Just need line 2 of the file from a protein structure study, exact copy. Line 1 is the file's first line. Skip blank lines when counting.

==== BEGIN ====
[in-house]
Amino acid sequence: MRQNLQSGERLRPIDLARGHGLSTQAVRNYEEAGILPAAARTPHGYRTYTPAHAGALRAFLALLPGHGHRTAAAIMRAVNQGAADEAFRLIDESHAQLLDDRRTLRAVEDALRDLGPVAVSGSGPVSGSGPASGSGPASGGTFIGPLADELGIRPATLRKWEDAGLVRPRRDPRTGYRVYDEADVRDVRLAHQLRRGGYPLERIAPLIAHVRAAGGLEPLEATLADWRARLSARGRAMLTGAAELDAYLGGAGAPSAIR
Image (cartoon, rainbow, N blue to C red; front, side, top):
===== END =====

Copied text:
Amino acid sequence: MRQNLQSGERLRPIDLARGHGLSTQAVRNYEEAGILPAAARTPHGYRTYTPAHAGALRAFLALLPGHGHRTAAAIMRAVNQGAADEAFRLIDESHAQLLDDRRTLRAVEDALRDLGPVAVSGSGPVSGSGPASGSGPASGGTFIGPLADELGIRPATLRKWEDAGLVRPRRDPRTGYRVYDEADVRDVRLAHQLRRGGYPLERIAPLIAHVRAAGGLEPLEATLADWRARLSARGRAMLTGAAELDAYLGGAGAPSAIR